The resulting gel containing reinforcing material and attractant is then dried or dehydrated. Drying increases the strength, durability and longevity of attractant release but decreases the rate of attractant release. Drying is accomplished at room temperature or up to about 50° C. by circulating air over the gels via fans or blowers.
Drying may also be accomplished in vacuo or by lyophilization. The duration of drying time is dependent upon the desired consistency of the finished bait. Drying times of 4 to 8 hours have been employed most frequently with baits intended for normal use.
Following completion of the drying step, the sheet of bait can be conveniently cut to any desired size, then wrapped or otherwise packaged and stored until needed.
The baits are designed for placing on a hook and fishing in the same manner as is done with non-live natural baits. The baits can be fished alone or together with a natural bait or cut into strips or sections and used in conjunction with jigs, and certain other conventional artificial lures, etc. Further, certain of the baits can be added to traps or pots to replace other baits or enhance the effectiveness of existing baits.
A 64 liter batch of improved bait consists of the following substances in 49 liters of water plus 11 liters of glycerol:
______________________________________CodeDesignation Component Amount (Kg)______________________________________AL Agar 0.64 Locust bean gum 0.288G Gelatin 1.28CS Celufil 1.28 Sorbic Acid 0.12______________________________________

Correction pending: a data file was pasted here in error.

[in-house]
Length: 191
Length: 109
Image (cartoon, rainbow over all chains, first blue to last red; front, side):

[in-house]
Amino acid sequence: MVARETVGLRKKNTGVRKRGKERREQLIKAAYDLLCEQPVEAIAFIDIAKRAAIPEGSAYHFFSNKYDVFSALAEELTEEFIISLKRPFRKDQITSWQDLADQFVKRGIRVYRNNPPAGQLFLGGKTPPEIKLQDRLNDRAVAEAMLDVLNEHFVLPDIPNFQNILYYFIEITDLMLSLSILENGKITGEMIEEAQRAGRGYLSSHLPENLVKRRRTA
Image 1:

The following steps comprise the preferred method of preparing the bait from the components AL, G, and CS, as set forth above:
The bait is prepared in two steps hereinafter designated Stages I and II.
Stage I contains water and the agar and locust bean gum and Stage II contains water and remainder of the of the ingredients CS, G and attractant.
1. Measure out of 42 liters of water in large pot. Cover with lid and bring to boil.
2. With mixer on high speed to give vortex, add AL slowly to edge of vortex.
3. Let mixing continue until temperature rises again to least 96° C.
(Stage II is prepared while Stage I is brought to its initial boiling temperature)
1. Add 6.3 liters of hot water to small pot.
2. Turn mixer to high speed and slowly add CS. (This may require some stirring with a spoon to get it distributed homogeneously).
3. Add 11 liters of glycerol. Rinse glycerol container with small amount of hot water and add to the above.
4. Heat mixture to greater than 60° C. while constantly mixing with mixer at medium speed.
5. Turn mixer to high speed and slowly add the gelatin making sure all of the gelatin goes into solution.
6. Let stage II continue to warm with mixing.
7. After both Stages I and II are ready, drain Stage II into Stage I. Rinse Stage II-pot with small amount of hot water and add to the above. Mix the combined stages for 5-10 minutes.
At this time or following step 2 the selected attractant should be added if the attractant is to be uniformly distributed throughout the resulting matrix.